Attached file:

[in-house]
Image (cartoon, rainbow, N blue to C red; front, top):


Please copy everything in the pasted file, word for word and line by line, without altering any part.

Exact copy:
[in-house]
Image (cartoon, rainbow, N blue to C red; front, top):